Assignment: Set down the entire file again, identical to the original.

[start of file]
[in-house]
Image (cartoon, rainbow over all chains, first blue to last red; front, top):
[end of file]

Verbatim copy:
[in-house]
Image (cartoon, rainbow over all chains, first blue to last red; front, top):